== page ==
The men and women seated around me, legs crossed and arms folded, draped over orange plastic chairs, would see right through me any second now. Even though I was staring down at the floor, I could feel their eyes burning in to me. They had serious problems, not me.
Who am I kidding? The more I listened to the stories of the people around me, the more I realized that I was in the right place. So what is sex addiction, and why is it so frequently misunderstood? What Is Sexual Addiction? The way that I see it, sexual addiction is more about shame, isolation, and unworthiness than it is about chasing after sexual experiences. Sexual addiction, just like any drug addiction, can have a sliding scale of symptoms — ranging in severity.
The consequences can be fatal. With sex addiction, each addict defines what their acting out looks like and what sexual sobriety means to them. In fact, any addictive or compulsive behaviour could be easily categorized with one simple litmus test… do you find yourself consistently doing something that you do not want to do?
You decided to give up drinking and here you are, alone in your bedroom, half way through a bottle of vodka. You decided to give up having anonymous sex and here you are putting on your pants after a quickie with a total stranger. If the behaviour has control over you, then it has likely become a problem in your life. With substance addictions, like alcoholism or drug addiction, it is possible and often recommended to simply discontinue the use of the substance entirely.
They are interwoven into the fabric of our being and so the goal is to integrate them into our lives in a healthier way. But because sexual addiction and compulsive sexual behaviour is just the mechanism that numbs out the difficult emotions that addicts are unwilling to face and heal their way through, the most sustainable way that a sex addict can overcome their addiction is to work through their underlying emotional turmoil that keeps them stuck.
Deciding To Face My Past And Feel My Feelings After a certain amount of feeling out of control of my behaviour, I knew that the only way out of this pattern was to feel my underlying emotional wounds. And, as fate would have it, as soon as I set the intention of wanting to dig into my past wounds, my answers were revealed to me in the form of a dream.
I woke up sobbing in the middle of the night, lying next to my girlfriend at the time, and the memories of how isolated and unwanted I felt in my childhood came flooding back to me. It took months of journalling, therapy, and other deep healing modalities to come to terms with the pain that I felt. As cliche as it sounds, I had to learn to fully love and accept my wounded inner child. The behavioural antidote, for me, was to reach out to people for help and allow them to be there for me.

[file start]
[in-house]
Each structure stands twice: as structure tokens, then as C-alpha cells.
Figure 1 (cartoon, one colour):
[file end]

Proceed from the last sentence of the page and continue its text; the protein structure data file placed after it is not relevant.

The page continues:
And, once again, as soon as I set the intention to do so, a rush of new friendship and community came pouring into my life.
Obviously, healing past emotional wounds is something that must be done on an individual basis. There is no one-size-fits-all model. Here are those insights. The more we keep ourselves away from others, the more we suffer. The more we suffer, the more we downward spiral in a pattern of shame and isolation. One of the best things that addicts can do for themselves is find a trusted person friend, family member, significant other, fellow addict in a 12 step program, etc.
The more you can verbalize the thoughts, fears, and desires in your head that keep you feeling stuck, the more free you can be of them. Go to meetings and get support If picking one person to share with seems too scary, you might want to try going to a few step meetings. By externalizing your fears, you neutralize them to a large degree. If you understand that feelings of unworthiness and isolation are at the root of your desire to act out, then the best thing you can do is connect with someone who cares about you.
This point ties in elements of the first two points. If reaching out for support is too challenging for you when you feel like acting out, another thing that you can do is induce crying. Emotional stress, ultimately, is just a culmination of compounded unfelt feelings. Feel your feelings , and set yourself free from the pattern. This is the same reason that alcoholics will still identify as being alcoholics years after they last had a drink… they know that the substance has a power over them and that it affects them differently than it affects most other people.
I went through an emotionally trying time this year and, during a phase when I would have historically acted out the most frequently, I refrained entirely from my most compulsive behaviours… which was a huge turning point for me. I no longer felt like I was at the mercy of my addiction.
For me personally, the biggest tools I have available to me are self-awareness, self-compassion, and the courage that it takes to reach out to a friend for help aka embracing community. Self-awareness to realize when my mind is leading me in an unhealthy direction, and self-compassion for being able to be gentle with myself when I find myself feeling stressed, anxious, or any other negative feeling that I would historically want to numb out.